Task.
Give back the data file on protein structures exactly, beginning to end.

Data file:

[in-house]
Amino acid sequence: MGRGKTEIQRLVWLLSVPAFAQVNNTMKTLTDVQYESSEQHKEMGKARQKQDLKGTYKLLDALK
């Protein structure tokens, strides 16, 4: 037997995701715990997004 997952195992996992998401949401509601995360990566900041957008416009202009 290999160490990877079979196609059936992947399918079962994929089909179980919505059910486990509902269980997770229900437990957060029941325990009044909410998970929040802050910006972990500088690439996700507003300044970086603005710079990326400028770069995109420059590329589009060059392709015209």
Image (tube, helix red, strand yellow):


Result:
[in-house]
Amino acid sequence: MGRGKTEIQRLVWLLSVPAFAQVNNTMKTLTDVQYESSEQHKEMGKARQKQDLKGTYKLLDALK
């Protein structure tokens, strides 16, 4: 037997995701715990997004 997952195992996992998401949401509601995360990566900041957008416009202009 290999160490990877079979196609059936992947399918079962994929089909179980919505059910486990509902269980997770229900437990957060029941325990009044909410998970929040802050910006972990500088690439996700507003300044970086603005710079990326400028770069995109420059590329589009060059392709015209």
Image (tube, helix red, strand yellow):